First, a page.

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I am working on some reports (counts) and I have to fetch counts for different parameters. Pretty simple but tedious.

A sample query for one parameter :

qCountsEmployee = (
    "select count(*) from %s where EmployeeName is not null"
     % (tablename)
     )
CountsEmployee = execute_query(qCountsEmployee)

Now I have few hundred such parameters!

What I did was : create a list of all the parameters and generate them using a quick Python script and then copy that text and put it in the main script to avoid the tedious lines.

columnList = ['a', 'b', ............'zzzz']

for each in columnList:
   print (
            'q' + each + ' ='
            + '"select count(*) from %s where' + each
            + 'is not null" % (tablename)'
         )
   print each + '   = execute_query(' + 'q' + each + ')'

While this approach works, I was wondering if instead of a separate script to generate lines of code and copy paste into main program, can I generate them in the main script directly and let the script treat them as lines of code? That will make the code much more readable is what I think. Hope I made sense! Thank you...

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3 Answers 3

up vote 5 down vote accepted

It would be possible, but is not useful here.

Just do something like

columnList = ['a', 'b', ............'zzzz']

results = {}
for column in columnList:
    query = (
            "select count(*) from " + tablename
            + " where " + column + " is not null"
            )
    result = execute_query(qCountsEmployee)
    results[column] = result

You as well can put all this together in a generator function and do

def do_counting(column_list):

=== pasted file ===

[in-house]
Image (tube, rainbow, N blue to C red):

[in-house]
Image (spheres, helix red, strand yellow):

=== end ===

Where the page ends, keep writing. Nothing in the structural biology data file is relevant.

for column in column_list:
        query = (
            "select count(*) from " + tablename
            + " where " + column + " is not null"
            )
        result = execute_query(qCountsEmployee)
        yield column, result

result_dict = dict(do_counting(['...']))
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Can you please explain your generator solution? –  ThinkCode Nov 22 '11 at 18:13
1  
It iterates over the contents of the given list and yields a 2-tuple for each item. These 2-tuples are then put together into a dict. –  glglgl Nov 22 '11 at 18:22

You can do:

cmd = compile( 'a = 5', '<string>', 'exec' )
exec( cmd )

That is the same as just writing:

a = 5

The string passed as the first argument to compile can be built dynamically.

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While I love the one-liner (or 2), applying this to my query and quotes is kinda confusing. Will try and let you know if it works. Thanks! –  ThinkCode Nov 22 '11 at 18:07
1  
Go ahead and try it, but exec() is evil. You should do as glglgl suggests and write a program that does what you want without dynamic code. –  Dave Nov 22 '11 at 18:17
    
Thank you, I take your exec is evil suggestion! –  ThinkCode Nov 22 '11 at 21:31

To build on what glglgl said, you are probably better with dynamic SQL than dynamic Python (though Dynamic Python is definitely possible using things like eval ). When working with Dynamic SQL, you should be careful of sql injection. It seems like it would not come up in your particular use-case, but it certainly comes up more often than many developers realize.

I happen to have written an article about SQL Injection and Python which is available at Simple-talk.

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